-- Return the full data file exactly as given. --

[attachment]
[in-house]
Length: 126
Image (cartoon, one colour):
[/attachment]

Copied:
[in-house]
Length: 126
Image (cartoon, one colour):